It’s Only Bal-ti-more Wasteland…

My apologies to the Who.

Made a quick trip on the “other side” of North Avenue to see what was back there, more importantly how many abandoned homes there were, and who owns them.  There are literally hundreds — I didn’t have time to document even a third of them, and I was very disappointed to find out most are owned by…the City of Baltimore.

With the number of people in the city who need affordable housing near public transit, all I could think was “What a waste.”  And what a wasteland.  I walked for blocks without coming across another person, yet I could tell there were probably people around — on E. 20th Street, for example, a lot of the houses are boarded/cinder-blocked in the front, but they’re open in the back — easily accessible for vagrants, drug dealers, and prostitutes.

400 Block of E. 20th Street, even side. All but three houses are owned by Baltimore City.

Odd side of the 400 block of E. 20th Street. All but one house is owned by the City.

Walking up Barclay Street was no better — we’ve already written about Barclay Street once, and this end is no better. This block of homes is owned by the City, except for two — and we suspect the City will own both of them soon enough.

2010-2018 Barclay Street

Unfortunately, most of the houses I saw today are structurally unsound, open to the elements, and probably not worth saving.  Which means they’ll have to be razed at some point, leaving swaths of open space owned by the City.  It would be great to see some of the space preserved as open space for a parks, and perhaps some commercial space.  This area is sorely lacking in any amenities, with most residents shopping at the Charles Village Safeway or the closest corner store.  There is a plan in place to redevelop the area — hopefully the plan hasn’t been scrapped.

I really have to reiterate how shameful it is that our City is one of the biggest slumlords — there is no excuse for these properties to be in such disrepair.  I also find it rather ironic that all of these blocks lie within the boundaries of the 12th City Council District, the former district of City Council President Jack Young.  (Carl Stokes took over when Jack Young was named City Council President after Sheila Dixon got the boot.) Especially when you consider the bill Jack Young introduced to the City Council in 2010 — Bill 10-0516 Non-Owner-Occupied Dwellings and Vacant Structures.  The idea is to raise the financial burden on slumlords in order to get them to comply with the law.  How will the City deal with its negligence?  That’s what we’d like to know — the City can’t fine itself, or take itself to court.  There is one thing that makes sense — fire those in charge of our city’s housing stock and hire people who are capable of making hard decisions, and making the right changes to the system — changes that are sustainable over the long term.  Clearly the current leadership is failing.  Redevelopment plan or no redevelopment plan — these houses didn’t fall into disrepair in a matter of weeks, months, or even just a few years.  Someone fell asleep at the wheel a long time ago, and the agencies involved need to be revamped, from the top down.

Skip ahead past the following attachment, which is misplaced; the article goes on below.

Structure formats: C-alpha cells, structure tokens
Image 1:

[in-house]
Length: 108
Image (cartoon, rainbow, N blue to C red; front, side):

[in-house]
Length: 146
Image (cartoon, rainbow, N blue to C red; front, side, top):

7 comments

  1. Mark

    I believe Pittsburgh used land value taxation to discourage blight and vacant housing. The city taxes land more heavily than structure values. This creates less of a disincentive to improve structures (because building improvements create less of a tax burden under this system), and makes it more costly for owners to keep buildings in blighted conditions. I’m not sure why we don’t do this here – would probably have to be enacted at the state level.

    Of course, this wouldn’t help the thousands of city-owned vacant buildings.

    • slumlordwatch

      Mark, I’m hoping that the next legislative session will include state laws that address the blighted structure issue, and Baltimore City will have no choice but to comply. Clearly the city is unable to police the issue on its own, so perhaps if the state of Maryland gets involved, certain state funds could be tied to cleaning up the blight — in every town, not just Baltimore.

      Another thing Pittsburgh did that Baltimore has failed to do time and time again — the redevelopment efforts city-wide have been geared towards residents and existing companies. Baltimore is always looking for a savior, and Pittsburgh has the wisdom to know your “savior” is right here, right now. As a result, Pittsburgh’s redevelopment has been successful and sustainable, and Baltimore’s has been a dismal failure — unless, of course, you’re a large corporation who was able to move in for a pittance and at taxpayer expense.

  2. Laura

    I agree that there should be legislative relief vis property taxes in some form. However, what I find even more frustrating, is that the city doesn’t take a hard line and enforce the existing laws already in place.

    • slumlordwatch

      Laura, I agree. We do have laws to deal with things like housing violations and abandoned structures. However, if the city is unwilling to follow the law, perhaps tying some type of funding to the legal process will force their hand.

      Isn’t it time for Baltimore City to stop being a haven for criminals?

  3. Laura

    I’m coming to the opinion that there is somethingwrong w the administration of thiscity. I call itPlanet Baltimore. If we want our city to be a vibrant cross cultural community, then we have to get rid of slum lords. It really is incumbent on the city to enforce the laws. I am taking a stand. I am NOT going to let my neighborhood go to pot. I am forcing the city to do its

  4. Pingback: Phase One of $85 Million Barclay Redevelopment Begins « Baltimore Slumlord Watch
  5. Pingback: Update: 400 block of E 20th Street « Baltimore Slumlord Watch

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